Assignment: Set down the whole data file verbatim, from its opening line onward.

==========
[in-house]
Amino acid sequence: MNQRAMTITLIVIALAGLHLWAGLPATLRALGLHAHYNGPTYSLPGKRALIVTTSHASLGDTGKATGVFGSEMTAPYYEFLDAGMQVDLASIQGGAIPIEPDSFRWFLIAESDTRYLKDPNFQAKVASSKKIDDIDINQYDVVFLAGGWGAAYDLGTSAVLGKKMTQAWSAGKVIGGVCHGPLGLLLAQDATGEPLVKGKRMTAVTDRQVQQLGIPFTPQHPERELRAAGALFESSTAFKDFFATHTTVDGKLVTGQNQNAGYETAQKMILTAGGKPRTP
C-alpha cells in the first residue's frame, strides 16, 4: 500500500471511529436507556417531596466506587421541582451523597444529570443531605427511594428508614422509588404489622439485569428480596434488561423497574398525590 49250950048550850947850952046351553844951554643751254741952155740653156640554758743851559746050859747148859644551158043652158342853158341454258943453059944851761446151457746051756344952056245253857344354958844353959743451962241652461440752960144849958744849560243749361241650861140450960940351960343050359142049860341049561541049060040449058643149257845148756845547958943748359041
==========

[in-house]
Amino acid sequence: MNQRAMTITLIVIALAGLHLWAGLPATLRALGLHAHYNGPTYSLPGKRALIVTTSHASLGDTGKATGVFGSEMTAPYYEFLDAGMQVDLASIQGGAIPIEPDSFRWFLIAESDTRYLKDPNFQAKVASSKKIDDIDINQYDVVFLAGGWGAAYDLGTSAVLGKKMTQAWSAGKVIGGVCHGPLGLLLAQDATGEPLVKGKRMTAVTDRQVQQLGIPFTPQHPERELRAAGALFESSTAFKDFFATHTTVDGKLVTGQNQNAGYETAQKMILTAGGKPRTP
C-alpha cells in the first residue's frame, strides 16, 4: 500500500471511529436507556417531596466506587421541582451523597444529570443531605427511594428508614422509588404489622439485569428480596434488561423497574398525590 49250950048550850947850952046351553844951554643751254741952155740653156640554758743851559746050859747148859644551158043652158342853158341454258943453059944851761446151457746051756344952056245253857344354958844353959743451962241652461440752960144849958744849560243749361241650861140450960940351960343050359142049860341049561541049060040449058643149257845148756845547958943748359041